72. Commission Regulation (EC) No. 2790/1999 of 22 December 1999 on the application of Article 81(3) of the Treaty to categories of vertical agreements and concerted practices renders the prohibition of Article 81.1 inapplicable to vertical agreements entered into by companies with market shares not exceeding 30%, subject to the conditions set therein (e.g., hardcore restrictions are excluded) and establishes the conditions for the application of Article 81.3 to vertical agreements.
  73. Commission Notice - Guidelines on Vertical Restraints (OJEC C 291, 13.10.2000, p. 1), see especially paragraphs 215 through 224.
  74. Commission Regulation (EC) No. 772/2004 of 27 April 2004 on the application of Article 81(3) of the Treaty to categories of technology transfer agreements, OJ L 123 , 27/04/2004 p. 0011 – 0017.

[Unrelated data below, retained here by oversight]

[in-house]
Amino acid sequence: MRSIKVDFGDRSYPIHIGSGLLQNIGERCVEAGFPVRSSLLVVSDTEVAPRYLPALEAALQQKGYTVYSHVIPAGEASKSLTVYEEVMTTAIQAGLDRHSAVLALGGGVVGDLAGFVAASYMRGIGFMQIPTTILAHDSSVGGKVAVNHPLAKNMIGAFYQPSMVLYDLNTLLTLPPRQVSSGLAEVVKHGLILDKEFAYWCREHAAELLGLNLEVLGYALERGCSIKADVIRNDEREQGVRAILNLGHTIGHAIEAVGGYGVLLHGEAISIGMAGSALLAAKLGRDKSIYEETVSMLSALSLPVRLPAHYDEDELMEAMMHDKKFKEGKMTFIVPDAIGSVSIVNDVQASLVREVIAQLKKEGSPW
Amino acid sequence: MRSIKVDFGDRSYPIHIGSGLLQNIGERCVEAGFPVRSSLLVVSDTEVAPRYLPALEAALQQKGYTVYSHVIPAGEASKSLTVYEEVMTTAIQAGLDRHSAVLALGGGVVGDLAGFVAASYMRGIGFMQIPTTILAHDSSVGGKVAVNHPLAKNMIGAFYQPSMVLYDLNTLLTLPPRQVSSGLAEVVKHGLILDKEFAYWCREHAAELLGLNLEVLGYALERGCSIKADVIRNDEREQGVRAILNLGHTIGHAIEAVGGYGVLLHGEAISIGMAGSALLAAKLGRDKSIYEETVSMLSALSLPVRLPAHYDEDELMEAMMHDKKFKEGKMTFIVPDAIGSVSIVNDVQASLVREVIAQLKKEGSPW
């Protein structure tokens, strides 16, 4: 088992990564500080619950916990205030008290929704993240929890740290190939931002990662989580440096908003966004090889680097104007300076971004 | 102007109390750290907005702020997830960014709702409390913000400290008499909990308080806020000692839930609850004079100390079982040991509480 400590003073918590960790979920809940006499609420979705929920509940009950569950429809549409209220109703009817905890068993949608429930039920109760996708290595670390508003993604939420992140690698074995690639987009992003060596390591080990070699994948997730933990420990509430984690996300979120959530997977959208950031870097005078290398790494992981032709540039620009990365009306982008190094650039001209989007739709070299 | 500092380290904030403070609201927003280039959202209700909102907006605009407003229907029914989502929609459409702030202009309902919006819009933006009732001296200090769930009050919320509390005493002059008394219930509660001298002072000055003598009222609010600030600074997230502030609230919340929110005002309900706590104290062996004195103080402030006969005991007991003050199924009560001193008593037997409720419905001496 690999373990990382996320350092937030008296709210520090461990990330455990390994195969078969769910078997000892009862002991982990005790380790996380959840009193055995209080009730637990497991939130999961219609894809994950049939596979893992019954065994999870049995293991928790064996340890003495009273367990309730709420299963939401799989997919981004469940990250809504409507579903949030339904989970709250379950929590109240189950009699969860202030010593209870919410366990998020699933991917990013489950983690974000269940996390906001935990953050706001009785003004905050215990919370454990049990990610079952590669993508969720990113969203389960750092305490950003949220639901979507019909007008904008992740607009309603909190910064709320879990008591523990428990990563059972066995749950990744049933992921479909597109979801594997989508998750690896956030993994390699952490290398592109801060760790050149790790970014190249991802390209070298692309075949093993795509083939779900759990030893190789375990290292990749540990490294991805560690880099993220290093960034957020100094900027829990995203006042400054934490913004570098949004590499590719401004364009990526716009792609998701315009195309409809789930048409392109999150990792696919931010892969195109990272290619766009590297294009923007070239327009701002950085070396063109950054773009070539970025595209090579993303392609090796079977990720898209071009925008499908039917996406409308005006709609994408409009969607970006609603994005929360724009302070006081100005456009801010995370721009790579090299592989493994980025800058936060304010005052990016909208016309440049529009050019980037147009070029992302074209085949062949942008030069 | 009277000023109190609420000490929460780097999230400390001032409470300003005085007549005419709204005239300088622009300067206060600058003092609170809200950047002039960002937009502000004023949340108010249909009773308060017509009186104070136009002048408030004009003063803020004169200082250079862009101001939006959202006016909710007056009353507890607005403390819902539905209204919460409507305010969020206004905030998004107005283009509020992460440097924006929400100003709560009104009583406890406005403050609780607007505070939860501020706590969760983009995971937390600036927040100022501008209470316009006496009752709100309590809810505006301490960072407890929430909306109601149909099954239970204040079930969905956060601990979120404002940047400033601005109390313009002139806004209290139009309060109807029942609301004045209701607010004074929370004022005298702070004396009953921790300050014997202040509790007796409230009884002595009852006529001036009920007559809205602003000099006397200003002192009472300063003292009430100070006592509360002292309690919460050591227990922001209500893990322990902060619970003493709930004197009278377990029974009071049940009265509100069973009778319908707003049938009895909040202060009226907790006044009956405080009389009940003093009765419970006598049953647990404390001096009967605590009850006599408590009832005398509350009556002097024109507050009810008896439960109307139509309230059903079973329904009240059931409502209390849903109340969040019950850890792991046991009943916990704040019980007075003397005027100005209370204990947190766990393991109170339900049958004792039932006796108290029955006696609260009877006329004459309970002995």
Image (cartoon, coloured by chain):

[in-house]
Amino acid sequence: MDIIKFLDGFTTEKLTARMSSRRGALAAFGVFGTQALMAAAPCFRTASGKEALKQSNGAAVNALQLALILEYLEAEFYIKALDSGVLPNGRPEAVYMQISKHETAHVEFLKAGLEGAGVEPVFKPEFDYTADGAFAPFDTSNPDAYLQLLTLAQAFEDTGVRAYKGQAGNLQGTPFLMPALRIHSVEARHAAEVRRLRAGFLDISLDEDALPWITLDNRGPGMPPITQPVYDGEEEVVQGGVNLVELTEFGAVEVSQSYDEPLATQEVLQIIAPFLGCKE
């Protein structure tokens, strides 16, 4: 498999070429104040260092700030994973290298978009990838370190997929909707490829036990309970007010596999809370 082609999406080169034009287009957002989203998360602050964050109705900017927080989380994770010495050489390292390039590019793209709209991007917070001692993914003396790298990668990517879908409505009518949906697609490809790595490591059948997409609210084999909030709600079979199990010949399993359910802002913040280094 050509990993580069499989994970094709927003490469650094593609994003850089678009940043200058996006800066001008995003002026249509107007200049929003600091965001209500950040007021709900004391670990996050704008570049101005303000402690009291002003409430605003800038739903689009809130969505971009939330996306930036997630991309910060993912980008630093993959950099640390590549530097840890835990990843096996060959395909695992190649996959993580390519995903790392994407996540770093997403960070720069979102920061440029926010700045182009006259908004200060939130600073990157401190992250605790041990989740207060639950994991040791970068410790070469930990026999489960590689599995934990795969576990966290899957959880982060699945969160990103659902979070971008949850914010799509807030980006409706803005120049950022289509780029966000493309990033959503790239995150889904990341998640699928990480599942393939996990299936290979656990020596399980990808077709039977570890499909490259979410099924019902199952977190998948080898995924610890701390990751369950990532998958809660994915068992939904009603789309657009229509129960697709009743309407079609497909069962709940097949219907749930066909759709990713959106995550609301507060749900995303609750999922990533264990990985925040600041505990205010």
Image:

75. Commission Notice - Guidelines on the application of Article 81 of the EC Treaty to technology transfer agreements, OJ C 101, 27/04/2004 p. 0002 – 0042.
  76. Unlike the Discussion Paper on the application of Article 82, no distinction is made here between tying and bundling.
  77. Par. 191 TTBER Guidelines.
  78. See Article 3 of the TTBER.
  79. Par. 192 TTBER Guidelines.
  80. The relevant par. 193 reads as follows: “For tying to produce likely anti-competitive effects the licensor must have a significant degree of market power in the tying product so as to restrict competition in the tied product. In the absence of market power in the tying product the licensor cannot use his technology for the anti-competitive purpose of foreclosing suppliers of the tied product”. The market power is defined in the same Guidelines as “the ability to maintain prices above competitive levels or to maintain output in terms of product quantities, product quality and variety or innovation below competitive levels for a not insignificant period of time” (par. 15).
  81. See paragraphs 194 and 195.